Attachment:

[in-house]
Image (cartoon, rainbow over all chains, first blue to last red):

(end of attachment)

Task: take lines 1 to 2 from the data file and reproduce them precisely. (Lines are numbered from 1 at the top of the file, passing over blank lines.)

[in-house]
Image (cartoon, rainbow over all chains, first blue to last red):